Review: Neverwinter (PS4)

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Title: Neverwinter
Format: PlayStation Network Download (12.46 GB)
Release Date: July 19, 2016
Publisher: Perfect World Entertainment
Developer: Cryptic Studios
Original MSRP: Free
ESRB Rating: T
Neverwinter is also available on Xbox One and PC.
The PlayStation 4 download version was used for this review.
A copy of this game was provided by the publisher for review purposes.
PS Nation Review Policy

Gameplay:
Truthfully, there isn’t necessarily a reason to review a game that is both free-to-download and free-to-play. After all, you can download it at no expense and experience it for yourself. So why bother with the review?

Since Neverwinter is an MMORPG, it’s worth knowing whether or not spending hours on this game is worth your time and effort, particularly in these Summer months. It’s also worth conveying whether or not your enjoyment might be hindered by a paywall after you’ve taken hours and hours to level your character.

I spent the first few hours exploring my surroundings in the large city of Neverwinter, wrapping up the tutorial missions, and looking for new quests. Keeping up with quests is a fairly simple process and you can even toggle a visual guide that directs you towards your next objective, both on the map and on the actual environment. I never found myself lost or unable to progress.

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The mythology behind Neverwinter is rich in history and a lot of the events that surround the narrative are based on a series of books written a few years ago. Yeah, it took a while for this game to come to PlayStation 4.

Fortunately, despite the aged narrative, I noticed that some of the event quests available are based on current events in the Forgotten Realms universe. I don’t want to spoil anything, but if you are caught up on R.A. Salvatore’s Drizzt Do’ Urden stories, you will definitely see some familiar faces and house names. As a longtime follower of this series, I admit to my giddiness upon reading some of these familiar quest lines.

… I have been reading these books for years …
What I haven’t expressed was my absolute delight to finally play Dungeons & Dragons on a PlayStation console again. Yes, we got D&D Daggerdale on PlayStation 3, but that was an abysmal excuse for a game.

Prior to that we had the Baldur’s Gate action adventure series on the PlayStation 2. Otherwise, the Dungeon & Dragons franchise has strictly lived on PCs.

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I made this comparison to a friend who recently asked me “Why are you so excited about this? After all, Elder Scrolls Online has been available for months.” While that series has a rich history, it quite literally pales in comparison to the worlds and stories created in Forgotten Realms.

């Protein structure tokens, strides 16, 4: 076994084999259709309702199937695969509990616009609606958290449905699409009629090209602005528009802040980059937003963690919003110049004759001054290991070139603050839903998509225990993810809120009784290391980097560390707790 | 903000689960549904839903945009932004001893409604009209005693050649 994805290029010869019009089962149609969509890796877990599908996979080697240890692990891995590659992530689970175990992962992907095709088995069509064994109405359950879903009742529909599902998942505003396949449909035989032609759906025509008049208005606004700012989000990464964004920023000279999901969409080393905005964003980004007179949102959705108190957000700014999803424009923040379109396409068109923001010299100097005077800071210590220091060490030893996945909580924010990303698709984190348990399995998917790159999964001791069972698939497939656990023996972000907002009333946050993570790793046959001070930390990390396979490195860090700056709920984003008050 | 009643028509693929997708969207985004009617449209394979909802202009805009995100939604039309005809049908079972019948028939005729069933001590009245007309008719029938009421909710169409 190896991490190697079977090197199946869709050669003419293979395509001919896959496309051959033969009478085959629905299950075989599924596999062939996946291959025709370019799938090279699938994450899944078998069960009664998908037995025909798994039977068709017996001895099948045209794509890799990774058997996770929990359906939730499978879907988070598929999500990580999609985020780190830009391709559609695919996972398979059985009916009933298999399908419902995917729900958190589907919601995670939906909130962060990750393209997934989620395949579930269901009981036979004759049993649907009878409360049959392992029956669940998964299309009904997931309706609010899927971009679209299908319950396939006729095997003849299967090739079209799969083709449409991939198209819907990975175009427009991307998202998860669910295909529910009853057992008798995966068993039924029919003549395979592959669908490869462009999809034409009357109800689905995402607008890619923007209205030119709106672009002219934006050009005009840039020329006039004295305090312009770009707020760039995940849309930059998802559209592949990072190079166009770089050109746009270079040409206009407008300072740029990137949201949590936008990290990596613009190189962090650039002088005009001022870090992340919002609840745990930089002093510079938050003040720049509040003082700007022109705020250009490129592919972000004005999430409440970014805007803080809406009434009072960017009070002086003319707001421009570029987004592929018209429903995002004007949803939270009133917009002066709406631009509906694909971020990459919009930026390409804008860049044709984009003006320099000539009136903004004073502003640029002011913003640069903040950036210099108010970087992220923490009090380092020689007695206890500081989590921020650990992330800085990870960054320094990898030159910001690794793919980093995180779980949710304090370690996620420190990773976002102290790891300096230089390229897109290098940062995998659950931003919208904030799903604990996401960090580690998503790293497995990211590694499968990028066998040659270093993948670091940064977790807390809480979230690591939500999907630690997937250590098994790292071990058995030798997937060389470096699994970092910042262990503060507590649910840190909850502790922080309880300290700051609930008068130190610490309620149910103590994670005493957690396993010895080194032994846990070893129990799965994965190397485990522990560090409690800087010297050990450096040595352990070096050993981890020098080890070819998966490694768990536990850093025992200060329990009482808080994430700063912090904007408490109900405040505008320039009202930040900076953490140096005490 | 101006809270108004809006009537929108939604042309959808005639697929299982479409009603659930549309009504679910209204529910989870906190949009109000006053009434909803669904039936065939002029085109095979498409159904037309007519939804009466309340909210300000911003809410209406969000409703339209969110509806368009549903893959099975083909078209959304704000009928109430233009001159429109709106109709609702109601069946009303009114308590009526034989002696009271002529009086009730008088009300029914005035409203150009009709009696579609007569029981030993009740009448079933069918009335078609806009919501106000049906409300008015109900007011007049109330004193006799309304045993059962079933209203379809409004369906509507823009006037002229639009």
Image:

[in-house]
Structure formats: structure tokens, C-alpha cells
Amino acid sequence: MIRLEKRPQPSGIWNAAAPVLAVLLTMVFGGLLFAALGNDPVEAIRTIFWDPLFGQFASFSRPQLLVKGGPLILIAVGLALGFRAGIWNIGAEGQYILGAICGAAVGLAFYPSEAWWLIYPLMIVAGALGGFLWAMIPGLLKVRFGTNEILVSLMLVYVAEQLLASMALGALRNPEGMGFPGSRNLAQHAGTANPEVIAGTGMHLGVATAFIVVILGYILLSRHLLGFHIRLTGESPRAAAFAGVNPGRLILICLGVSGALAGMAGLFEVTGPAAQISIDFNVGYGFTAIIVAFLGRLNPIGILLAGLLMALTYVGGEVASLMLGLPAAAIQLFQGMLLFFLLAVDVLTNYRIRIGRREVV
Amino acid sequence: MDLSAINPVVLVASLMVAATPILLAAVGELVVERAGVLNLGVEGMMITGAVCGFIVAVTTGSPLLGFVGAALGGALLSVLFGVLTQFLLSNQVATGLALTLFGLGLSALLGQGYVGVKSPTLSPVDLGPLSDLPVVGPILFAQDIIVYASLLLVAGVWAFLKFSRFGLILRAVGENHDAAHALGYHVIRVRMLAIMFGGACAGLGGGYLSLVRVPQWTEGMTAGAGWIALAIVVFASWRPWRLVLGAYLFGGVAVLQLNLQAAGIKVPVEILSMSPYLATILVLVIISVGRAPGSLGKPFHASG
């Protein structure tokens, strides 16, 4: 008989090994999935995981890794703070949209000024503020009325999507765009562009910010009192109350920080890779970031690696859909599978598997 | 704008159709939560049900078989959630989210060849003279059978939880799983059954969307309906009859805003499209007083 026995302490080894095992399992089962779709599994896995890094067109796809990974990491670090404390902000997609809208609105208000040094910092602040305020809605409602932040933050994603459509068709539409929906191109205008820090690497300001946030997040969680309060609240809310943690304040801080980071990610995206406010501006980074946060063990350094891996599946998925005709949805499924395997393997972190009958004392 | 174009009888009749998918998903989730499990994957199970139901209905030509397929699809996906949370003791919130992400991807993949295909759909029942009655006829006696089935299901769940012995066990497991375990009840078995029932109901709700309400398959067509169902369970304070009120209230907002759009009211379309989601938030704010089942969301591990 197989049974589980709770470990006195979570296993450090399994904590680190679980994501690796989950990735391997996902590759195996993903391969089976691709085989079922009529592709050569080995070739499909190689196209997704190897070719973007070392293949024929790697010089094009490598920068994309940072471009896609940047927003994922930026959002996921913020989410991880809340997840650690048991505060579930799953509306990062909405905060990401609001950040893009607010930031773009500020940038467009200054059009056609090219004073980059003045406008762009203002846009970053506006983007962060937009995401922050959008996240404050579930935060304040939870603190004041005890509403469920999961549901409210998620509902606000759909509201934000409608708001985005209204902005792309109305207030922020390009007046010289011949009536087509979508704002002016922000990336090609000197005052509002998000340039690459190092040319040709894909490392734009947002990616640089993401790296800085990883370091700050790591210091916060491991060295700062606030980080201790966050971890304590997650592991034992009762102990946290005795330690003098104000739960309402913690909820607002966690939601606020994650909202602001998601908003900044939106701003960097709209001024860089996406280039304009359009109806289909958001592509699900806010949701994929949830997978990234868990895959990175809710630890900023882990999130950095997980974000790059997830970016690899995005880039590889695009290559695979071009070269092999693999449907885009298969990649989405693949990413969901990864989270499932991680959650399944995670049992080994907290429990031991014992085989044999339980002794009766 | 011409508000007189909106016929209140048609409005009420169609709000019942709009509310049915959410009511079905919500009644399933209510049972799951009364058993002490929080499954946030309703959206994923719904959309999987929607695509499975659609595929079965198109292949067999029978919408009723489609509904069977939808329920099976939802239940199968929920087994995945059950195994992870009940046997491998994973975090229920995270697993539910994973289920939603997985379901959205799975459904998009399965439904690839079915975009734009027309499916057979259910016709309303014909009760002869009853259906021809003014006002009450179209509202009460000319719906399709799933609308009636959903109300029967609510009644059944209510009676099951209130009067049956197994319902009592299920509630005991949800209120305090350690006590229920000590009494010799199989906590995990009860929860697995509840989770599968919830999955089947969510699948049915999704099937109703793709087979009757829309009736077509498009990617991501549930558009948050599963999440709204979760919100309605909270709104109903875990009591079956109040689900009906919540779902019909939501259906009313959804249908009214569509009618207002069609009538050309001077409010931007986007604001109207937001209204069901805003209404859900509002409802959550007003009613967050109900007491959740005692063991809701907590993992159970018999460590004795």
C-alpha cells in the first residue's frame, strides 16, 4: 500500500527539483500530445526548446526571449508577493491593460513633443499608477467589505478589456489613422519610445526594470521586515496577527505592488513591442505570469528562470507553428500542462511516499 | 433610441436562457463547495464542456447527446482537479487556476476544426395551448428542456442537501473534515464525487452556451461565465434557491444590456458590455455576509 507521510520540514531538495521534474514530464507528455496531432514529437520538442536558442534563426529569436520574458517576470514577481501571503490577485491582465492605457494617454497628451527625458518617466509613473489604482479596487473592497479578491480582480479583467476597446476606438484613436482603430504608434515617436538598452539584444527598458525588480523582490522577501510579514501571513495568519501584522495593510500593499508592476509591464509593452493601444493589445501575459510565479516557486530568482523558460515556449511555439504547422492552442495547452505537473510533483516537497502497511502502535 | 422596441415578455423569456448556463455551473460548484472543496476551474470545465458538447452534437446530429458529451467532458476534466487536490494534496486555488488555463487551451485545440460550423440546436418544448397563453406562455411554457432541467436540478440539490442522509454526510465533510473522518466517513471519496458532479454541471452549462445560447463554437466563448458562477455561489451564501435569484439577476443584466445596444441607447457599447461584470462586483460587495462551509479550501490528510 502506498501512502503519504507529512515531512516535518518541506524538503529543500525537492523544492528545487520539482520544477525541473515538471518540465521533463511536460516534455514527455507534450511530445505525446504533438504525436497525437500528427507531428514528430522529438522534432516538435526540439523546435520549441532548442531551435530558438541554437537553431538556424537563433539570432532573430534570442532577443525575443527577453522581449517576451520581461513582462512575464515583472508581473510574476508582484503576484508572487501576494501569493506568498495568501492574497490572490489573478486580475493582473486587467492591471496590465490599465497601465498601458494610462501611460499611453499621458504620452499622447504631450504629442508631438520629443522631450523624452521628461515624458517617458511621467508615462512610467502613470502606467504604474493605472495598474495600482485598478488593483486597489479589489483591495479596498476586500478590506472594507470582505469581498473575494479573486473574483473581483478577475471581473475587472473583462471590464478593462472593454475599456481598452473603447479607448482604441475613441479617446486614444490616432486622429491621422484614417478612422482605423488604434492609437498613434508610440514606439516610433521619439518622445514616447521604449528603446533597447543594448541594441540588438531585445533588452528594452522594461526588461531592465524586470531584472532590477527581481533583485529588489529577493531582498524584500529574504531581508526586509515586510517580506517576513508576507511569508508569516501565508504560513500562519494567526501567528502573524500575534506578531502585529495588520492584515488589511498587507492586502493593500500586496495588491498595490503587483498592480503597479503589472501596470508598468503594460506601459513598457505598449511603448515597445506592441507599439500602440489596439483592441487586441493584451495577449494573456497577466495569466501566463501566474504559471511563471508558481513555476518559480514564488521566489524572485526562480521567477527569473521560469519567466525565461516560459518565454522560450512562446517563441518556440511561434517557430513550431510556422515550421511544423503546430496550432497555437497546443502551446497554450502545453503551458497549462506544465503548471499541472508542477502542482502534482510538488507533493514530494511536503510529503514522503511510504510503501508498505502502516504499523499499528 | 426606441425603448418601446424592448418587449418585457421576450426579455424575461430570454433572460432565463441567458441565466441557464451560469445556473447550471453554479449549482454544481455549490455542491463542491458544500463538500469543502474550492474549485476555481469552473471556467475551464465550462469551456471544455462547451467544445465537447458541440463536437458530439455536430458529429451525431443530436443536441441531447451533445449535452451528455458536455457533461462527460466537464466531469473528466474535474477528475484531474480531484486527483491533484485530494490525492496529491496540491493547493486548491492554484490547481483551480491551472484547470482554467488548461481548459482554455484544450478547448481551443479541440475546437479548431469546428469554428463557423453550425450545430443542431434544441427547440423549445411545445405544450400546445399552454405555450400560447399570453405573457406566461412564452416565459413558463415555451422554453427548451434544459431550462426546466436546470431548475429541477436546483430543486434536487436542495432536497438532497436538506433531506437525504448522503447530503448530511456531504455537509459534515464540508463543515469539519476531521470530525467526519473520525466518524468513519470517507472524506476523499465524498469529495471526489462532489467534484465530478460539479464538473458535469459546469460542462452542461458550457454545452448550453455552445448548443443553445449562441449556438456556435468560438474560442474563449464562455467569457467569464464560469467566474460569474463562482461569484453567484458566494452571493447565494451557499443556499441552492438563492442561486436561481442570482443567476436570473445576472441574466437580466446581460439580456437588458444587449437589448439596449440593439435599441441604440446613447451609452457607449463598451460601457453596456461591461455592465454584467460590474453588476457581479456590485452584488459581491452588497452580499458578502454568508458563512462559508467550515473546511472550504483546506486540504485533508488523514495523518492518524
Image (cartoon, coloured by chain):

I have been reading these books for years and years, and finally being able to play in this world on my PlayStation was far more enticing than the lands I visited in Elder Scrolls Online.

… Combat is handled a bit more interactively …
This world existed before my character was created. After I stop playing it will continue to exist in the form of books and pencil and paper campaigns. Familiar names like Drizzt and Bruenor are thrown around in quest lines, and house Xorlarrin and Menzoberranzan are spoken by NPCs from the renegade band Bregan D’aerthe.

If these names or locations do not excite you, then I would consider this game probably about 25% less potent for you, though no less entertaining.

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Combat is handled a bit more interactively than in my previous experiences with MMORPGs. While this is far from being an action-adventure game, your input in combat definitely plays a role in survival.

Your damage and successful attacks are still determined by a mathematical equation but you are still able to dodge an enemy attack with a press of a button and execute special abilities with the push of a different button.

… leveling your techniques and abilities …
Holding the R2 button will engage a continuous primary attack, so you won’t be timing combos. Although you can interrupt this attack with other techniques that you earn as you level.

Leveling your character brings up a few options for advancement. In addition to the less frequent opportunity to enhance your primary stats such as strength and dexterity, you will be offered the choice of leveling your techniques and abilities.

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The abilities are mapped to a button and it’s never difficult to remember what button executes which command because your HUD gives you a visual representation of your controller that is easy to read.